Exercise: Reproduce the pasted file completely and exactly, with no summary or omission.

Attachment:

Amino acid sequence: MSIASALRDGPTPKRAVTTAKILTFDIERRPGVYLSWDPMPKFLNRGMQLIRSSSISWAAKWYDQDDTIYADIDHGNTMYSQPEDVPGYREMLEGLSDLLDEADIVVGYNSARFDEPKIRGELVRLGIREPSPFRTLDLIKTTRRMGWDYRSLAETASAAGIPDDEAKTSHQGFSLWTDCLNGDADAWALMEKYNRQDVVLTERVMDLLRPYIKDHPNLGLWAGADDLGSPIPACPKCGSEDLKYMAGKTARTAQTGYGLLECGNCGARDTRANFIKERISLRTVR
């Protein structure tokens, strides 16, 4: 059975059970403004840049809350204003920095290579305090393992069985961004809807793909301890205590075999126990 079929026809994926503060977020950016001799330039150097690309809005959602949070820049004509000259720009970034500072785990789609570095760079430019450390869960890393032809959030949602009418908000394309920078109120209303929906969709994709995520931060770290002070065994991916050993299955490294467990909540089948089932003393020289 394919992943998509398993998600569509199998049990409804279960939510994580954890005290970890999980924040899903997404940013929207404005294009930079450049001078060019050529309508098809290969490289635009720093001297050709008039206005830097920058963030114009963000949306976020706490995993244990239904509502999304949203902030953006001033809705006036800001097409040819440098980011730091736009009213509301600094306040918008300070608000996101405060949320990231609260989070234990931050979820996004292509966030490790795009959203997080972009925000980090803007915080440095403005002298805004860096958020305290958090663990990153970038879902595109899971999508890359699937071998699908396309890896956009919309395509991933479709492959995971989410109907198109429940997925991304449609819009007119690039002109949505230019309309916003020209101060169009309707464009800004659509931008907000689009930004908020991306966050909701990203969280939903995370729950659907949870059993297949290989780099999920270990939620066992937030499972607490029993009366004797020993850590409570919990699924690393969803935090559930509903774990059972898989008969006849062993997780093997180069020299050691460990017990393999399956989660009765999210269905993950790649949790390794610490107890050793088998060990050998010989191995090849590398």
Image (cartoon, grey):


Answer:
Amino acid sequence: MSIASALRDGPTPKRAVTTAKILTFDIERRPGVYLSWDPMPKFLNRGMQLIRSSSISWAAKWYDQDDTIYADIDHGNTMYSQPEDVPGYREMLEGLSDLLDEADIVVGYNSARFDEPKIRGELVRLGIREPSPFRTLDLIKTTRRMGWDYRSLAETASAAGIPDDEAKTSHQGFSLWTDCLNGDADAWALMEKYNRQDVVLTERVMDLLRPYIKDHPNLGLWAGADDLGSPIPACPKCGSEDLKYMAGKTARTAQTGYGLLECGNCGARDTRANFIKERISLRTVR
């Protein structure tokens, strides 16, 4: 059975059970403004840049809350204003920095290579305090393992069985961004809807793909301890205590075999126990 079929026809994926503060977020950016001799330039150097690309809005959602949070820049004509000259720009970034500072785990789609570095760079430019450390869960890393032809959030949602009418908000394309920078109120209303929906969709994709995520931060770290002070065994991916050993299955490294467990909540089948089932003393020289 394919992943998509398993998600569509199998049990409804279960939510994580954890005290970890999980924040899903997404940013929207404005294009930079450049001078060019050529309508098809290969490289635009720093001297050709008039206005830097920058963030114009963000949306976020706490995993244990239904509502999304949203902030953006001033809705006036800001097409040819440098980011730091736009009213509301600094306040918008300070608000996101405060949320990231609260989070234990931050979820996004292509966030490790795009959203997080972009925000980090803007915080440095403005002298805004860096958020305290958090663990990153970038879902595109899971999508890359699937071998699908396309890896956009919309395509991933479709492959995971989410109907198109429940997925991304449609819009007119690039002109949505230019309309916003020209101060169009309707464009800004659509931008907000689009930004908020991306966050909701990203969280939903995370729950659907949870059993297949290989780099999920270990939620066992937030499972607490029993009366004797020993850590409570919990699924690393969803935090559930509903774990059972898989008969006849062993997780093997180069020299050691460990017990393999399956989660009765999210269905993950790649949790390794610490107890050793088998060990050998010989191995090849590398």
Image (cartoon, grey):